Most promotions today that take aim at customers based on where they live or work do so primarily via mobile phones, which have location-based services built in. But it won’t be long before location services can be leveraged from desktops as well, especially when brands like Apple and Tesco are turning to geo-targeting to reach ideal demographics with tailored offerings. And, as this Location Traffic blog post makes clear, the benefits to geo-targeting are legion: targeted brand awareness, tailored outreach, and smarter use of marketing content, to name just a few.
The bottom line with tailored offerings
Geo-targeting is here to stay, and as Paige suggested, it will likely be driven in 2014 via social media platforms, which speak to location already.
3. Greater diversity in terms of channels used
There’s no telling just what sites or platforms may emerge in 2014, but it’s a safe bet that ever-more doors will open to marketers, offering new ways to find and engage with prospects. After all, some of the channels brands rely most heavily on today –Pinterest, Instagram, and Vine in particular – have emerged in the last three years, so who’s to say what may come next?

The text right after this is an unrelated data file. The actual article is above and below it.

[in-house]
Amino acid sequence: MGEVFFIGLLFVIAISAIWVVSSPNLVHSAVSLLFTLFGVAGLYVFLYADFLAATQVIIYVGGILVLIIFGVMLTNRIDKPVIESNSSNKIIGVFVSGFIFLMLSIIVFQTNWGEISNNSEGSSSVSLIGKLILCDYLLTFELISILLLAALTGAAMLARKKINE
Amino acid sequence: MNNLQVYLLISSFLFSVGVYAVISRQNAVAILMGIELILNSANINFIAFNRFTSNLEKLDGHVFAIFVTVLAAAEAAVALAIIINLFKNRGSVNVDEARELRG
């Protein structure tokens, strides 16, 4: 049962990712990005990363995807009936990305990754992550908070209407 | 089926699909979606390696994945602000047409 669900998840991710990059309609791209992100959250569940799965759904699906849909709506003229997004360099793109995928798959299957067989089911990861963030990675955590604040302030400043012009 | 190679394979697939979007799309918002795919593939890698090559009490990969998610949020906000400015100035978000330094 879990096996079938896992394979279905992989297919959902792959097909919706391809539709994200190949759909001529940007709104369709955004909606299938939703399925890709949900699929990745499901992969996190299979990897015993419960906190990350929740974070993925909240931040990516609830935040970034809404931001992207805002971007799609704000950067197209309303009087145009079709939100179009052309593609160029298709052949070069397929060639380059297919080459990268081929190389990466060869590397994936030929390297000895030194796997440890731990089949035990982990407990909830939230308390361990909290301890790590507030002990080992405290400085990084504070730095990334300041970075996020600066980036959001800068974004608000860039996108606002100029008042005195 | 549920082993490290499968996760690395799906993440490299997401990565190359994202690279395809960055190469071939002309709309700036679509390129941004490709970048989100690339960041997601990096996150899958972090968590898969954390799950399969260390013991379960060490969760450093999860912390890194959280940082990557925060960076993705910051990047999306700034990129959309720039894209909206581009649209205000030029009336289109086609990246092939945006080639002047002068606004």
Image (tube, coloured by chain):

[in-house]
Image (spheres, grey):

The bottom line
Marketers will need to keep close watch of the social sites available in 2014, and be willing to branch out when it comes to the channels they use. More pressingly, says Paige, marketers will need to be sensitive to how each site is best used, and optimize their content as needed (e.g. share B2B resources on LinkedIn, be pithy and brief on Twitter, etc.).
4. Greater reliance on third-party review sites
Most buyers today – 84% of them, in fact, according to a Nielsen survey – are likelier to trust their peers than they are the brands they purchase from. Thus, declares Paige, it’s important that marketers monitor the buyers who frequent forums in search of word-of-mouth reviews and recommendations (e.g. Yelp, Quora, TrustRadius, and G2 Crowd, et al.). It’s also important that they speak to the concerns customers express. A steady presence on social sites establishes a direct line of communication between vendor and user, making it possible to solve problems quickly. (Which not incidentally positions your company as one that genuinely cares about customers and solving their problems.)